The massive art event happens every two years and draws visitors from all over the world. Here’s how to navigate the show—and what to know while you’re in town.
Sometimes called the “Olympics of the art world,” the Venice Biennale is more than 120 years old and draws over 500,000 visitors to view new work by artists representing their home countries. Alongside the main show are numerous satellite exhibitions, parties, performances, and all the bustling energy of the Italian tourism hub.
It’s massive, international, overwhelming, and one of the most talked about art events of every odd-numbered year.
The 2019 Venice Biennale—officially named the 58th International Art Exhibition—is curated by Ralph Rugoff, director of London’s Hayward Gallery. Titled “May You Live In Interesting Times,” it will run from May 11 to November 24. The title is inspired by British MP Sir Austen Chamberlain’s 1930s evocation of the phrase, based on a supposed ancient Chinese curse, and his observation that “there is no doubt that the curse has fallen on us. . . . We move from one crisis to another. We suffer one disturbance and shock after another.”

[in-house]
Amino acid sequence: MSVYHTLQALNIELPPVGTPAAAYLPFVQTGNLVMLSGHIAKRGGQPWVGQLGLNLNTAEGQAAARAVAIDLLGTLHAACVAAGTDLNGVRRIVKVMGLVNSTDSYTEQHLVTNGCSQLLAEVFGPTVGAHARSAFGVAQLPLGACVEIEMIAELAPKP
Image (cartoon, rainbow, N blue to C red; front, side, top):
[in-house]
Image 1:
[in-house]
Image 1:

Rugoff saw an echo of this statement in the 2019 climate, with the endless crises in the news cycle and interconnectedness of the world. He states that this year’s edition “will not have a theme per se, but will highlight a general approach to making art and a view of art’s social function as embracing both pleasure and critical thinking.” (The Biennales started having themes in 1972, so not having one is a radical move.) He selected 79 contemporary artists to present new work in two exhibition sites, which comprises the main exhibition of the Biennale—and is different from each country's national exhibition. Read on for details, and everything else you need to know about the Venice Biennale.
Where does the Biennale take place?